Espenscheid Ranch is one of my favorite places in Montana. I’ve been there to help plant, harvest, and save an abandoned garden from weeds. I’ve hiked through the ranch’s hills and marveled and how fast the garden grows and the seasons change.  I’ve gotten to know the incredible people who work the land. And after all these visits, there’s still no sweeter sound or sight than sixty 1st and 3rd graders wandering about and asking questions:
Dick and Patricia Espencheid
“Where can I find the broccoli??”
“Is this a good muching carrot?”
“When is it time to dig for potatoes?”
“Can we bring a chicken egg back on the bus?”
It was only the second week of school and I was able to bring two 3rdgrade classes, one 1st grade class, and ten high school helpers over to the ranch for a visit. Last year I organized a similar afternoon field trip, but having been in town for just one month, I scrambled furiously to sort through the confusion of permissions slips, transportation, schedules, and the names of teachers and farmers in a new community. What a difference one year of relationship building can make.
There were three different stations that all of the classes visited. We learned how to harvest potatoes (like a treasure hunt because the plants give us clues of where to dig), why it’s ok to munch into the carrots we just dug up (no chemicals ever go into this organic farm), and how to raise chickens, turkeys, and ducks!
There were no lesson plans for any of the stations. Instead, I wanted this first exploration to be driven by the students’ curiosity. I will have plenty of scheduled lesson time in the Youth Garden and in the classrooms this coming year, so the field trip was all about creating an open space where students had the freedom to discover a camouflaged grasshopper, examine a buried beet, or yank up that stubborn carrot.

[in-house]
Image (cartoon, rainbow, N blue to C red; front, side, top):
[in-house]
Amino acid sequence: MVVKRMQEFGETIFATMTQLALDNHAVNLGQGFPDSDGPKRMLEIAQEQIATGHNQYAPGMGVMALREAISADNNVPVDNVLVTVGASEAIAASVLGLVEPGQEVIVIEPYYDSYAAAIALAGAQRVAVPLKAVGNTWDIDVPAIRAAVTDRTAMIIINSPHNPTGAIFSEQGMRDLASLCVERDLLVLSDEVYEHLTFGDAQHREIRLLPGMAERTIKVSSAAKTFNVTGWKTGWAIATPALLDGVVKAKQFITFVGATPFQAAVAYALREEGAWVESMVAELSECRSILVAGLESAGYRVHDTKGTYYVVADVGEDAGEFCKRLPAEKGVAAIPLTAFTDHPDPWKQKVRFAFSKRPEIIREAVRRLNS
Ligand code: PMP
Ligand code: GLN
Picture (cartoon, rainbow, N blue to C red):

We learned as we traveled through rows of weeds, leapt over ginormous kale, and “snuck” bites of ripe tomatoes on our way to the next station.
Fall was undeniably in the air, and since returning from FoodCorps orientation a few weeks ago, the cooler temperatures have been nagging at me. They’ve been reminding me that our first frost is just around the corner and that there is much work to be done in the cafeteria. But during our morning at the ranch, I was able to step back and take on the spirit and curiosity of my students. I was able to simply enjoy the beauty, knowledge, and nourishment that one of my favorite places has to offer.